I have been making various different kinds of soaps. I do melt and pour soaping, so of course I didn’t technically make the soap myself, but I have tried various kinds of soap for the craft. So far, I like the cheapest kind best, but that supplier takes three to six business days to deliver and I’d run out of soap last Friday. That, plus the SLES that’s in that soap, made me decide to get all-natural soap at another store. I especially don’t like this soap’s pre-melted texture, but once melted, it’s easy to work with. The vendor warned that it may not be the best soap to work with layers with, but I made a layered soap that turned out quite good. One of the colors is supposed to be gold but it turned out yellowish white because I hadn’t shaken up the colorant enough before use. I will look into how to get it to look better.

Layered Soap

I have also tried my hand at body lotion making. The instructions I posted last week, weren’t correct. I made body lotions using a recipe I found online and almost everything went wrong that could’ve gone wrong. Like, I didn’t know that I had to heat the water phase, so I didn’t do this. This meant no or little emusification. The site I got the recipe from is also into all-natural stuff, so they probably deliberately skipped the preservative. Since I made a lotion out of mint tea, that meant it’d gone off within a day. I have decided not to spend any money on this hobby for a month, since I already spent way too much on it so far, so I cannot buy the preservative until then. No lotion making for a while then.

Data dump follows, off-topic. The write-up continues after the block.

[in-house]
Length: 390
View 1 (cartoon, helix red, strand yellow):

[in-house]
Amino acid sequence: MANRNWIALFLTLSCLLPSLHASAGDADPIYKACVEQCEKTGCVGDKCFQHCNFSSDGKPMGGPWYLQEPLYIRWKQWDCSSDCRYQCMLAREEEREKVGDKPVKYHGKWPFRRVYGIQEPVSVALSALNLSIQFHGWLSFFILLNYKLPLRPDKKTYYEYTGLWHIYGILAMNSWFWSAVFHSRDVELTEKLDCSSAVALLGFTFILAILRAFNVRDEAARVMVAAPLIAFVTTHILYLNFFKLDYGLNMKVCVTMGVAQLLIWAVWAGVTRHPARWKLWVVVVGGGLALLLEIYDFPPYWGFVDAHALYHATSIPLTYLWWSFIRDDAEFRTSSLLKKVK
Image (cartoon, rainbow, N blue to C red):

I do, however, greatly enjoy this craft. One of the good parts about it is, of course, sharing my work. I do this on Facebook, so if that died tomorrow, I might not enjoy it as much. Then again, if no-one used social media anymore because it died, maybe I’d connect with other soapers through other venues. Forums and E-mail lists aren’t social media, right?

Speaking of Facebook, however, I did connect with a woman who doesn’t live too far from the tiny village and who is willing to soap with me at home. She’ll first visit me next week. I don’t know whether I could make real connections with people if any online connection for social purposes died. After all, I met all my long-time acquaintances online as well as my husband.

That doesn’t mean I wouldn’t enjoy the soaping craft at all. Maybe there’d actually not be as much pressure if social media didn’t exist, because I wouldn’t know what great soaps other people make. I currently make the majority of my soaps for people I know in real life, too. They’re staff and fellow patients at my institution, so I do sometimes wonder whether I’ll still enjoy this craft when I just have my husband and our tiny circle of acquaintances. We’ll just have to see.

Mama’s Losin’ It